*  arr2: a,b,c,d

I personally think Array.from is a more readable solution. By the way, just beware of its browser support.

let x = [1,2,3];
let y = Array.from(x);

//deep clone
let clone = arr => Array.from(arr,item => Array.isArray(item) ? clone(item) : item);
let x = [1,[],[[]]];
let y = clone(x);

If you want to make a new copy of an object or array, you must explicitly copy the properties of the object or the elements of the array, for example:

var arr1 = ['a','b','c'];
var arr2 = [];

for (var i=0; i < arr1.length; i++) {
   arr2[i] = arr1[i];

You can search for more information on Google about immutable primitive values and mutable object references.

If your array contains elements of the primitive data type such as int, char, or string etc then you can user one of those methods which returns a copy of the original array such as .slice() or .map() or spread operator(thanks to ES6).

new_array = old_array.slice()


new_array = => elem)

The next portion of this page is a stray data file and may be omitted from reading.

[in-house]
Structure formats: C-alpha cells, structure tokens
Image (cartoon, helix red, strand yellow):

const new_array = new Array(...old_array);

BUT if your array contains complex elements such as objects(or arrays) or more nested objects, then, you will have to make sure that you are making a copy of all the elements from the top level to the last level else reference of the inner objects will be used and that means changing values in object_elements in new_array will still affect the old_array. You can call this method of copying at each level as making a DEEP COPY of the old_array.

For deep copying, you can use the above-mentioned methods for primitive data types at each level depending upon the type of data or you can use this costly method(mentioned below) for making a deep copy without doing much work.

var new_array = JSON.parse(JSON.stringify(old_array));

There are a lot of other methods out there which you can use depending on your requirements. I have mentioned only some of those for giving a general idea of what happens when we try to copy an array into the other by value.

In my particular case I needed to ensure the array remained intact so this worked for me:

// Empty array
arr1.length = 0;
// Add items from source array to target array
for (var i = 0; i < arr2.length; i++) {

Make copy of multidimensional array/object:

function deepCopy(obj) {
   if ( === '[object Array]') {
      var out = [], i = 0, len = obj.length;
      for ( ; i < len; i++ ) {